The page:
January 7th, 2012
Pea soup is generally cooked or served with ham and made from dried split peas. The soup’s origins go back to at least 500 B.C. Both the Greeks and Romans cultivated peas and the soup itself is mentioned in “the Birds”, by Aristophanes.
Ham and Pea Soup used to be a staple food in Britain, since it was very cheap and full of protein. It would have been a common food for sailors, since dried peas and salt pork keep for a long time. Today it makes a very cheap and hearty winter warmer. I got the gammon knuckle from the butcher for £2.20 and 2 lb dried split peas from the Bumblebee for £1.40.
I had a motive for making Ham and Pea Soup – I made a couple of Mulled Wine Hams for Christmas and had one left over. It had been cooked two weeks previously and I didn’t want it to go off, so making soup with it seemed like an excellent idea. If you are making this with an uncooked gammon, then follow these simple instructions:
Put the gammon into a large saucepan and cover it in water. Bring the pan just to boiling, discard the water and rinse the ham. Put the ham back into the cleaned pan, add a large onion, 6 pieces of garlic, 3 sticks of celery, 2 carrots, a bouquet garni and water to just cover the ham. A few black peppercorns can also be added, but do not use salt as the gammon will be salty enough already. Cook gently for 2 – 3 hours. Remove the gammon, reserve the stock, and throw away the herbs and vegetables.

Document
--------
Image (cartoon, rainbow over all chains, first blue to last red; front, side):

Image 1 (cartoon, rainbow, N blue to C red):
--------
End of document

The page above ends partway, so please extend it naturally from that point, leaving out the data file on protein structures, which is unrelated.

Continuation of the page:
Since my gammon knuckle was already cooked, I cut the meat off the bone and put the bone and fat into a pressure cooker, with the same herbs and vegetables as above. I wanted about 2 pints of stock, so added a bit more than 2 pints of cold water and cooked the lot under pressure for 20 minutes.
Once cooked, I strained the stock and threw away the bone, fat, herbs and vegetables.
Ham and Pea Soup recipe (serves 3 to 4 people):
1 large onion (chopped)
2 carrots (chopped)
3 sticks of celery (chopped)
6 pieces of garlic (finely chopped)
1 lb of ham (cubed)
1 lb split peas
2 pints of ham stock
extra virgin olive oil
cracked black pepper to taste
There’s no need to soak split peas, the cooking time should be about 35 minutes in a regular saucepan or 12 minutes in a pressure cooker.
Put a little olive oil into the pressure cooker and cook the onions until they are translucent before stirring in the carrots, celery and garlic. Once all the vegetables have been slightly softened,
add the chopped ham
and then the peas.
Pour on the 2 pints of ham stock and sprinkle on a little black pepper. Put the lid on the pressure cooker, bring to pressure and cook for about 12 minutes.
The soup should look like the above picture, but if it’s not thick enough, as long as the peas taste tender, you can blend it if necessary. If you cook the soup beforehand, it will thicken noticeably when you warm it up again – you have to take care not to burn the bottom.
I didn’t add any salt – even if you like a lot of salt, I suggest you cook the soup and taste it before adding any, since the ham will provide a salty flavour.